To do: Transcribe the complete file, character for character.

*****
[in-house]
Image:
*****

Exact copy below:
[in-house]
Image: